|Native to||Cook Islands|
|Region||Rakahanga and Manihiki islands|
|320 in the Cook Islands (2011 census)
2,500 in New Zealand, based on a cited population of 5,000 (1981) being half in Cook Islands and half in New Zealand
Official language in
|Regulated by||Kopapa Reo|
Rakahanga-Manihiki is a Cook Islands Maori dialectal variant belonging to the Polynesian languages family, spoken by about 2500 people on Rakahanga and Manihiki Islands (part of the Cook Islands) and another 2500 in other countries, mostly New Zealand and Australia. Wurm and Hattori consider Rakahanga-Manihiki as a distinct language with "limited intelligibility with Rarotongan" (i.e. the Cook Islands Maori dialectal variant of Rarotonga). According to the New Zealand Maori anthropologist Te Rangi Hīroa who spent few days on Rakahanga in the years 1920, "the language is a pleasing dialect and has closer affinities with [New Zealand] Maori than with the dialects of Tongareva, Tahiti, and the Cook Islands"
- Rakahanga-Manihiki at Ethnologue (18th ed., 2015)
- Rakahanga-Manihiki at Ethnologue (13th ed., 1996).
- Hammarström, Harald; Forkel, Robert; Haspelmath, Martin; Bank, Sebastian, eds. (2016). "Rakahanga-Manihiki". Glottolog 2.7. Jena: Max Planck Institute for the Science of Human History.
- "Reo Maori Act" (2003)
- Wurm and Hattori,"atlas of Pacific area" (1981), the only source of the SIL and ISO 639-3 codification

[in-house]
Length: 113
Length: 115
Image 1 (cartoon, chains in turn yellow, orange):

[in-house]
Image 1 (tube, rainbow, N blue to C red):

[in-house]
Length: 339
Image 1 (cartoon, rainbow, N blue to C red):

- "Ethnology of Manihiki and Rakahanga", Bernice P. Bishop Museum, 1932. This book was the source of Wurm and Hattori Atlas
- Manihikian Traditional Narratives: In English and Manihikian: Stories of the Cook Islands (Na fakahiti o Manihiki). Papatoetoe, New Zealand: Te Ropu Kahurangi.1988
- E au tuatua ta'ito no Manihiki, Kauraka Kauraka, IPS, USP, Suva. 1987.
- "No te kapuaanga o te enua nei ko Manihiki (the origin of the island of Manihiki)", in JPS, 24 (1915), p. 140-144.
|Rakahanga-Manihiki language test of Wikipedia at Wikimedia Incubator|
- Te Reo Maori Act (2003)
- Ethnology of Manihiki and Rakahanga",Bernice P. Bishop Museum, 1932 (Chapter dealing with Rakahanga Manihiki "language" and its writing system at the beginning of the twentieth century.
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